How to make friends with the bully in your head

How to make friends with the bully in your head

May 20
How to make friends with the bully in your head

head bully

I felt as perky as Victoria Beckham’s breasts when I read that the Coalition have pledged to place treatment for stress, anxiety and depression on a par with physical illness.

I’m so TIRED of asking my acquaintances how they are and being fed a lily-livered “Fine thanks” in reply, when they clearly resemble Nosferatu with M.E. How I wish we could all stop being so bloody British about how well we’re ‘bearing up’ and share our mental burdens with our friends as much as we do our GP’s. It takes nothing for a person to disclose their Coeliac condition or their Angina and yet we read again and again how that man hanging from a tree seemed as happy as a sandboy the last time we checked.

For years I have struggled with negative thoughts, or what I call ‘the bully in my head.’ Somedays the bully’s voice is so vicious that I have to shout ’STOP IT!’ as if to a handbag chihuahua who just jumped out and shat on my shoe.
If I spoke to other people the way I spoke to myself, I’d have no friends left. My shrink told me that most of the negative messages I give myself come from my ‘inner critic’ i.e.) ‘What are you crapping on about now woman?’ or ‘Your hair looks like Jimmy Saville’s mother’s corpses mullet.’ or ‘Everyone already thinks your nuts. Best not to admit you’re hooked on Quavers’ Alternatively, they come from my inner child i.e. ’Don’t offer her your last Quaver you idiot. What are you? Nuts?’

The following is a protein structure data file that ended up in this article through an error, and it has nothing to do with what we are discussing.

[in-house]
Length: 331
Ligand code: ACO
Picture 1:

And it really shocks me how few of these messages come from my conscious adult i.e.) “The reason why that old lady is taking so long to find her oyster card is that she is old. Be patient. Your cystitis isn’t that bad and giving her daggers (at her) won’t get you to the loo any quicker.’

Know Thyself said Socrates, Aeschylus, Buddha, and Jesus. Or more accurately perhaps – FACE thyself – which is easier said than done when most people spend their lives texting, tweeting, wanking, driving, (sometimes at the same time, I’ve seen it) googling, tidying, posting, chewing, quaffing, running the length of England, anything to escape that nasty wining voice that tells them how utterly shit they are at everything.